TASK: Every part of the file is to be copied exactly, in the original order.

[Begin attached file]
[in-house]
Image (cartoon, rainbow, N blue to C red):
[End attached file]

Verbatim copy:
[in-house]
Image (cartoon, rainbow, N blue to C red):